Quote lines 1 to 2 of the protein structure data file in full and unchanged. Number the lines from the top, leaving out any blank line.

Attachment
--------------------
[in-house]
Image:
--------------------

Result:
[in-house]
Image: